The growing number of studies that have examined the relationship between the organization of care in hospitals and disparities in patient outcomes have centered either on the roles of physicians (Saha, Arbelaez, & Cooper, 2003) or on structural components of hospitals, such as volume (Hasnain-Wynia et al., 2007; Liu et al., 2006). The increased focus on the association between organizational aspects of care and disparities has failed, however, to consider the role of nurses despite their principal role in the provision of direct patient care. Over the past decade, the quality of nurses’ working conditions, including the presence of resources to provide quality care, collegial nurse-physician relationships, and support provided by nurse managers and administrators, as well as nurse staffing levels, have been linked to lower mortality rates (Aiken, Clarke, Sloane, Lake, & Cheney, 2008) and to higher ratings of overall satisfaction among patients in hospitals (Kutney-Lee et al., 2009).
While research linking nursing to high-quality health care is growing, little is known about the influence of nursing on minority patient outcomes, and no studies have examined this association across hospitals with varying concentrations of Black patients. To fill this void, this study used data from a nurse survey conducted across four large states in 2006–2007 to compare nurses’ reports of the quality of care delivered in hospitals with differing concentrations of Black patients. In addition, data from the Hospital Consumer Assessment of Healthcare Providers and Systems (HCAHPS) survey were used to study the relationship between patient satisfaction ratings and the concentration of Black patients in hospitals. In addition to examining these relationships in the aggregate using simple bivariate methods, we used multivariate models to assess whether the relationships were independent of other hospital and nursing characteristics, and whether they were due in part to differences in the nurse work environments and nurse staffing levels in hospitals with varying concentrations of Black patients.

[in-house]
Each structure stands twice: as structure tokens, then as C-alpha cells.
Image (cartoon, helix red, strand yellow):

This study was guided by the Quality Health Outcomes Model (QHOM; Mitchell, Ferketich, Jennings, 1998). The model is frequently used to guide evaluations of the relationships between nursing characteristics such as the practice environment, adequate nurse staffing (Aiken et al., 2008), and patient outcomes (Mitchell & Lang, 2004). According to the QHOM model, hospital characteristics include items such as bed size, teaching status, and technology. Nursing characteristics, on the other hand, include features of the nursing profession such as staffing, nurse education, and the practice environment. According to our guiding framework, nursing characteristics are embedded within hospital structures and are hence viewed as distinct features of the hospital system. In this view, while hospital characteristics are not modifiable, we contend that many aspects of nursing are.